We the Partnership

Why we can’t afford another government shutdown

By James-Christian Blockwood
September 29, 2021 | Updated on October 1, 2021

Government shutdowns—or lapses in appropriations—are complicated to understand and hard to defend. Our federal elected officials are entrusted by the American public to faithfully execute their constitutional obligation to pass budgets, and individuals on both sides of the aisle agree that shutdowns are avoidable, impede government’s ability to plan long term, and erode trust in our public institutions. Furthermore, shutdowns come at a cost that we cannot afford, especially during times of crisis that demand effective government.  

Shutdowns and stopgaps are becoming the new normal

Unfortunately, shutdowns and continuing resolutions—temporary legislation that funds government operations for a limited period of time—have become far too common. Indeed, Congress has passed year-end spending bills late more often than on time over the past four decades.

The people of this country, executive branch leaders and Congress can all work together to pass new bills and budgets by upholding some foundational principles. At the Government Accountability Office, I led the agency’s efforts to develop strategic plans that served Congress and the nation. Those plans assess trends that affect government and society, and describe the agency’s work to help Congress with oversight and improve federal programs. So I understand the importance of thinking strategically and planning ahead—and recognize that both become increasingly difficult when organizations have to deal with uncertain funding and are unable to commit to long-term policies and organizational goals.

Why government shutdowns are not a good normal

As the Partnership has shown, shutdowns are bad for the people that government serves. They cause the public to lose faith in elected federal leaders, cost taxpayers billions of dollars, interrupt work and productivity for hundreds of thousands of furloughed employees, disrupt services, and impede federal modernization and innovation.  

Importantly, shutdowns—and the short-term spending resolutions often used to avoid them—also prevent government from taking a long view on policy and engaging in strategic planning on critical issues such as IT and cybersecurity.

For example, during the 2018-2019 government shutdown, the newly launched Cybersecurity and Infrastructure Security Agency—which dubs itself the nation’s “risk advisor” and works to protect the country from serious cyber threats—saw nearly half of its workforce furloughed. Strategic planning and forward-looking activities, such as enacting organizational changes to stand up the agency, were delayed as a result.

In addition, public frustration with continual shutdowns has prevented government from addressing one of its most urgent challenges: hiring more mission-critical talent. For example, applications for federal work on Glassdoor declined by 46% and the average daily visit to USAJOBS—the government’s main job board—declined by 22.5% during the 35-day shutdown in 2018-2019, the longest in U.S. history.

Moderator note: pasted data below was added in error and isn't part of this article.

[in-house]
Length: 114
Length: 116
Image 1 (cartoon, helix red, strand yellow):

Not a full solution but a path forward   

Government shutdowns and continuing resolutions are examples of legislative dysfunction and reflect the divided politics of our time.  

Fortunately, some lawmakers are trying to enact bipartisan legislation that would make the threat of a government shutdown a thing of the past. For three straight years, Republican and Democratic senators have introduced legislation that would keep government funded at the prior year’s level and impose restrictions on lawmakers until they complete work on Congress’ annual spending bills. This proposal would avoid shutdowns and discourage brinkmanship, and is a creative solution to a challenging and recurring problem. 

Government cannot solve our most pressing challenges through patchwork and stopgap spending bills. The time is long overdue for government to end crisis budgeting and create processes that foster forward-looking planning and sound management, including adopting biennial budget resolutions, more multi-year appropriations and the timely passage of appropriations bills. These measures would enable government to better fulfill its mission and help rebuild trust in one of our most important public institutions.

The Partnership offers several resources that help agencies prepare for a government shutdown and highlight the harmful effects of past shutdowns on our country, including our “Shutdown Letdown” report, our Ready to Shutdown tip sheet and our 100 Reasons to Stop Future Shutdowns list.


James-Christian Blockwood

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